6 Activities for Writing in the New Year

There’s nothing quite as refreshing as the New Year. Both teachers and students return to the classroom feeling rejuvenated after a break for the holidays, and it’s a wonderful time for teachers to establish new priorities with their students. Writing should always be a high-priority skill, and these New Year’s activities will help students improve their writing while also focusing on a positive start to the new year.

Six New Year’s Activities for Writing

1) Write a Story About an Old Habit You Wish to Break

This is the best time of the year to consider breaking an old habit and adopting a new, more productive lifestyle. Explain to your students the detriment that bad habits can have on their personal lives as well as their educational development. For example, waiting until the last minute to do their homework can cause them stress and often leads to shoddy work. Ask your students to write about a bad habit they wish to break, the effect it has on their life, and what they wish to do differently in the new year.

2) Set Your Own New Year’s Resolutions

Spend some time in the classroom discussing New Year’s Resolutions and the tradition of making them prior to New Year’s Eve. Ask your students to write about three resolutions that they wish to make for the new year. In addition, they should outline a plan of action that will allow them to keep their resolutions not only in January but also throughout the months ahead.

3) Write a Fictional Story About a Character with a Goal for the New Year

Your students may need to spend some time developing their creative writing skills in the new year, which is why a fictional writing activity is important to incorporate into the curriculum. Ask your students to create a character and allow them to set a goal for their character to accomplish. This gives them a chance to learn about developing a personality through writing while also introducing them to the elements of a story, including establishing a conflict for the story as well as a solution.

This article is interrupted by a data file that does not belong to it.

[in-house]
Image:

4) Establish New Rules for the New Year

By January, your students know what to expect when they come into your classroom. This doesn’t necessarily mean that they like all of the rules. Allow them to have some fun after returning from break, and ask your students to write a new set of rules for the classroom. Tell your students that they need to remember that rules are designed to keep the classroom in order, and ask them to identify the ways that their rules will enhance the classroom experience.

5) Write About 3 People You Wish to Connect with in the New Year

In addition to setting personal and educational goals, you should ask your students to consider the people that they want to create relationships with in the coming months. Perhaps there is a new student in class that they could reach out to, or maybe they could work on forming a better relationship with an elderly family member. Their writing assignment should require them to identify the individuals as well as discuss what they will do to connect with those people.

6) Create a Journal Entry About Last Year’s Resolutions

While many writing prompts in January will focus on the year ahead, you could also request that your students evaluate and analyze the year that has gone by. Ask them to identify the resolutions they made the previous year, and identify if they were able to stick to their goals. This can help them come up with ideas for realistic and valuable resolutions to make in the coming year.

January often marks the beginning of the second half of the school year, and it’s certainly a time to start looking ahead at your goals for the new year. Work with your students to keep them writing and progressing throughout their grade level, and allow them to learn to enjoy the creative writing process. It may be a time to ditch your old ways and create new habits, but you’ll never want your students to stop writing!